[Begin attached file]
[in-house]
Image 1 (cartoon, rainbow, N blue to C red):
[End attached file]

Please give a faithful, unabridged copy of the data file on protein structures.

[in-house]
Image 1 (cartoon, rainbow, N blue to C red):